New registrations to the site are running at an average of 150 colleagues a month and total membership is about 5,000. A bi-annual survey evaluates its effectiveness and private sector employers have sought advice on how they could create their own versions of the site. The whole project was delivered under budget and also achieved cost savings of about £300,000 through staff retention. It is anticipated that recruitment cost savings will increase significantly within subsequent years of live running of the service.

PA Consulting

Formed in 1943, PA is a premium consulting, technology and innovation firm, employing more than 2,600 people globally. Its relationship with private equity investor Carlyle means it set ambitious growth targets of a 9% increase in revenue from 2015 to 2016.

Brexit and uncertainty in the US placed its sales force under greater pressure and a “radical and concerted” effort on building client relationships and sales was needed. PA also wanted to engage the wider business – not just partners and managing consultants – in selling, but many junior consultants lacked confidence and experience.

In response, PA came up with a digital learning campaign called We all sell, using its social learning platform the PA Academy. Exceptional sellers across the business were identified and applied their expertise to creating learning formats across a range of modalities. From September 2016, employees received weekly emails with themed, interactive content, which generated an immediate upturn in sales.

The campaign achieved its sales objective for 2016 and by the end of January 2017 was 20% ahead of budget in terms of profit. The charities team achieved £800,000 as a direct result of the campaign. We all sell has also helped to change the learning culture at the company and employees are actively involved in developing content for the PA Academy, which has seen a 10% increase in usage.


RBS employs around 60,000 people in the UK and Ireland and HR People Services acts as an “engine room” to support these employees, dealing with more than 210,000 queries annually.

There was an increasing desire among employees, as with customers, to harness new technology. As many queries to People Services could be resolved easily or through self-service, RBS decided to introduce a contact channel where employees could use a web chat to find an answer to their problem.

Market research found that there was a huge appetite for this service. It enabled employees to contact HR while not distracting from day-to-day work; they could raise personal queries discreetly from their desk and HR could make savings by reduced query handling times and improved resolution at first point of contact.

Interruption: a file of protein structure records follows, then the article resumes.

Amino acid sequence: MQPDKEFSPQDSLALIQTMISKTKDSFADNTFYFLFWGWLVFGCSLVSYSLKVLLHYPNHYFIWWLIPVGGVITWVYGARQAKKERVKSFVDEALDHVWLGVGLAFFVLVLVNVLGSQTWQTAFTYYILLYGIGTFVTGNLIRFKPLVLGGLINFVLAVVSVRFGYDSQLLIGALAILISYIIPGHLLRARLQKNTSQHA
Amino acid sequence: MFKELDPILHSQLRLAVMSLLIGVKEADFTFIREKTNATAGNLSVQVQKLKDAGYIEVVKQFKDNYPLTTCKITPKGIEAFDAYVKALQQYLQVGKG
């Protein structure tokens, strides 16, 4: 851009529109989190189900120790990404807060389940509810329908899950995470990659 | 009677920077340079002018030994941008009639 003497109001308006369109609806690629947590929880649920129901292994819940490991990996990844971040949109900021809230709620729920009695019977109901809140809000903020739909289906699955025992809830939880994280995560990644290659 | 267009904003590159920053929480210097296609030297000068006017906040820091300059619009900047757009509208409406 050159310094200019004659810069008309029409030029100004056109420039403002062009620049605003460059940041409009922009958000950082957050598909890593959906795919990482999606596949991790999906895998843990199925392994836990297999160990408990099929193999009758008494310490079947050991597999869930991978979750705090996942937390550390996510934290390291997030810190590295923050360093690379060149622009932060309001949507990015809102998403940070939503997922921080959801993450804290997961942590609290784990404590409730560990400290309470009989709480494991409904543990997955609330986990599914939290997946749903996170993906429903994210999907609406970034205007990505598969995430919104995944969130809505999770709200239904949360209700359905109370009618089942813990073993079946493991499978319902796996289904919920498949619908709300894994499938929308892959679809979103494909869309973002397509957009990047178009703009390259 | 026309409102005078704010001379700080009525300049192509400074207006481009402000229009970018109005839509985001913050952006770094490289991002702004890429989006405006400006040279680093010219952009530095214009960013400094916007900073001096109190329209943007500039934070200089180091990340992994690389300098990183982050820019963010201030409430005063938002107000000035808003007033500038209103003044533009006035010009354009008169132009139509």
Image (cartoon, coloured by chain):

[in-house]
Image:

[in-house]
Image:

The core project group comprised representatives from across the business, using a customer-led design approach – many would be using it day to day. The service was tested with a control group of 6,500 employees over four weeks before being rolled out to 60,000 staff in August and a further 53,000 in October 2016.

Use of the chat channel has grown to around 25% and continues to rise. Employees have saved a combined 6,565 hours where they would have been waiting for HR to respond. After this success, RBS is now looking at how it might pilot the use of artificial intelligence in its systems.


With about 14,000 employees nationwide, internal communication at Superdrug was a challenge, particularly because so many staff work on the shop floor.

With an operating budget of £100,000, The Hub launched in October 2016, a two-way internal communications tool that has helped Superdrug overcome this online challenge. The Hub enables instant sharing between different parts of the business. Employees can download and fill out digital forms as opposed to using paper copies, online publishing reduces costly print and distribution of manuals and training guides, and saving large files such as images saves space on company servers.

Before its inception, internal communication tended to be via email and paper newsletters. Not only is this approach more environmentally friendly, it has become a forum where employees can share ideas (210 were raised over a four-week period) and acts as a social network for employees – Superdrug describes it as “positioned between Twitter and Facebook”. Since launch, 12,000 employees (92% of the business) have logged in, and there are about 8,200 users monthly.

One of The Hub’s greatest benefits is that it has broken down barriers of age, gender, class and job position. Staff can recognise others for going the extra mile in a national Superdrug Stars campaign. Departments can see how other teams function and share news about product developments. More than 15,000 online learning courses have been completed via smart phones. It has also enabled the promotion of charity events and the creation of a women’s network. CEO Peter McNab says it has provided “exceptional, tangible engagement through the use of technology and a sense of belonging for all”.

Virgin Money

In 2012, Virgin Money acquired Northern Rock in a deal worth £1bn and in 2014, the company floated on the London Stock Exchange.

Two years after this, the bank produced a report with HM Treasury on harnessing the talents of women in the financial services sector, which identified 10 positive actions for employers. One of these was offering technology to support flexible working.

Virgin Money brought together a team from the Future Business Leaders programme to come up with solutions that would improve the maternity and paternity journey for colleagues and the result was the Baby App. This provides: an illustration of how much leave they can take and key dates; FAQs on parental leave; buttons to call or email their manager to keep in touch; links to the Virgin Group Tribe website for offers and updates; links to corporate communications; a list of maternity and paternity policies and access to the internal jobs page.

Other key technology developments have included the Learning Lounge Online so colleagues do not have to rely on desktop or office-based learning and the Away from Work App for colleagues who are absent due to long-term sickness. As a result of these three initiatives, engagement scores related to opportunity for personal development have risen by 2%, and those related to work-life balance have risen by 5% to 78%. Learning Lounge has attracted almost 63,000 page views, a quarter of which have been from mobile devices.